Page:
top of page

The Classic Greek Salad, gluten-free

The Classic Greek Salad: A Refreshing and Healthy Summer Favorite.

Ripe tomatoes, crisp cucumber, tangy onion, creamy feta, and golden extra virgin olive oil are what make the famous Greek Salad. In Greece, it is known as Horiatiki Salata (Village Salad) and if made properly, (this means no lettuce leaves), it will be the most delicious salad you will make! Let's go!


The Classic Greek Salad, gluten-free
The Classic Greek Salad, gluten-free

What is Greek Salad?

A traditional Greek Salad is simple but scrumptiously delicious! It combines ripe and juicy tomatoes, crisp cucumber, green capsicum, red onion, Kalamata olives, Greek oregano, salty and creamy feta, and finally, Greek extra virgin olive oil. In Greece, you can visit hundreds of restaurants and they all have these ingredients as the basis.


Watch How To Make It



How Do You Make Greek Salad
  1. Chop up the salad ingredients into small chunks - not too large and not into small diced pieces. Place into a wide base bowl.

  2. Using a fork, break up the feta into chunks and add to the bowl.

  3. Whisk together the dressing ingredients, including the extra virgin olive oil, vinegar, and garlic.

  4. Season with sea salt and Greek oregano and then pour the dressing over the salad. Toss well to combine and serve.


The Classic Greek Salad, gluten-free
The Classic Greek Salad, gluten-free

Helpful Tips & Ingredients

Feta

Making sure you use Greek feta from Greece is VERY important. In Australia we have quality Australian Made feta but it tastes NOTHING like the feta in Greece. In the case that you are dairy free, then, of course, a dairy-free alternative is used.


These are some of my favourite feta companies which you can find in most countries

And my personal favourite:


DAIRY-FREE: If you are dairy-free then this is my favourite alternative to feta

(it is also made in Greece): My Life Bio


Traditionally, the feta is served in a block on top of the salad and then a fork is used to break off pieces when serving yourself. Here is an example:



However, I prefer to break up the feta with a fork before serving as this allows the feta to combine in and amongst the salad, creating a juicy, full-flavoured taste. In saying this, the most important thing to understand is that the feta must not be cubed but naturally broken up with a fork. This simple process makes a whole lot of difference.


Tomatoes

Vine-ripened tomatoes are ideal but if you can't find any, buy what you can find and leave them to ripen on your kitchen bench for about 4-5 days. Buy enough so that you can make this Greek Salad a few days in a row (trust me, you'll want to). And more importantly, remember, tomatoes should never (and I mean never) be refrigerated (even in summer). They never taste the same once they go into the fridge and it is a fact that their taste and texture change (for the worst).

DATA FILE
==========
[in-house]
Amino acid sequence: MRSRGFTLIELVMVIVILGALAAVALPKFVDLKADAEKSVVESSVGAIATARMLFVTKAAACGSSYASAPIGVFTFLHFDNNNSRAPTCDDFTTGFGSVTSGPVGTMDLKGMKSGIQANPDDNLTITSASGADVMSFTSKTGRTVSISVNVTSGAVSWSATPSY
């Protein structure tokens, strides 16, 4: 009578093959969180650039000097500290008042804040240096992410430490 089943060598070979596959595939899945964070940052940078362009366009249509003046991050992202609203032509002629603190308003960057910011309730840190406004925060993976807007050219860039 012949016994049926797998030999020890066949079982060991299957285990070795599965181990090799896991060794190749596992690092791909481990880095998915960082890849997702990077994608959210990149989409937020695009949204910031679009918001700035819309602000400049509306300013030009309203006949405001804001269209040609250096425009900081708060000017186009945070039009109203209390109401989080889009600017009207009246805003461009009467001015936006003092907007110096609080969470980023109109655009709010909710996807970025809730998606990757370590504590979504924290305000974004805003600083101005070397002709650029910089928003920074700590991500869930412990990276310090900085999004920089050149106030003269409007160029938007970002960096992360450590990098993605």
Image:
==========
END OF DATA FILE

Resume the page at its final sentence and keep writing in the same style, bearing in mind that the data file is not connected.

A side note: During the summer months I grow tomatoes in my garden and once picked, I can leave them on my kitchen bench in a wide base bowl for up to 2 weeks (away from any sunny area). That's without any refrigeration. Therefore, if you are able to grow tomatoes in your garden, or if you have a balcony, grow them in pots as it's definitely worth it, not only for the taste but because they last so long!


Kalamata Olives

Pitted or unpitted is perfectly fine but they must be Kalamata olives - not green olives or Spanish black ones - only Kalamata.


Capsicum

Traditionally only green capsicum is used but yellow, orange and red are fine too. In saying this, I often add 1/2 green capsicum and 1/2 yellow one as I love the colours in the salad.


Lettuce

It is important to point out that a traditional Greek Salad has NO LETTUCE. By all means, throw in lettuce if you want, but then it's not a Greek Salad.


The Classic Greek Salad, gluten-free
The Classic Greek Salad, gluten-free

What do I do with Leftovers?

Store it in an airtight container in the fridge and the next day you can create the following leftover lunch ideas:

  • Pasta Greek Salad (stir through gluten free spiral or penne pasta)

  • Quinoa Greek Salad (stir through gluten-free couscous, millet or quinoa)

  • Potato Greek Salad (stir through boiled potatoes and add juice from lemon)

  • Wraps (add chicken or beef and tzatziki along with leftover salad to a wrap.


Recipes you can serve with a Greek Salad







Happy Cooking, Margaret x


The Classic Greek Salad, gluten-free
The Classic Greek Salad, gluten-free

Greek Salad

Serves 4-6 as a side

Prep 10 minutes


INGREDIENTS


For the Salad:

2 Lebanese cucumbers, halved lengthways and sliced

5 ripened tomatoes, cut into wedges

1 small green capsicum, sliced

1/2 small yellow capsicum, sliced

1 red onion, sliced thinly

¾ cup kalamata olives (optional pitted)

200g good quality Greek Feta (crumbled into thick chunks, not diced, or left as a whole slice over the top and broken up with a fork when serving


Optional: a tablespoon of capers


For the Dressing:

3 tablespoons extra virgin olive oil

2 tablespoons red wine vinegar

2 teaspoons Greek oregano, dried

½ teaspoon sea salt

1 small garlic clove, finely grated (no more than 1/2 teaspoon)


METHOD


1. Make the dressing: Whisk together with a fork the extra virgin olive oil, red wine vinegar and garlic.


2. Prepare all the vegetables: Combine in a wide base bowl the salad ingredients and then sprinkle over the salt and dried oregano.


3. Bring it together: Pour over the salad dressing, and using large serving spoons, combine well. Serve alongside the main meal and with bread to mop up all the juices!


Have you tried this recipe? Share it with me at @createcookshare on


The Classic Greek Salad, gluten-free
The Classic Greek Salad, gluten-free

Recipe and Photography Margaret Pahos @CreateCookShare


Comentários

Avaliado com 0 de 5 estrelas.
Ainda sem avaliações

Adicione uma avaliação
me straight hair.jpg

Meet Margaret